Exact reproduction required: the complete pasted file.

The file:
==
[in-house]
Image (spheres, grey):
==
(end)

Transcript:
[in-house]
Image (spheres, grey):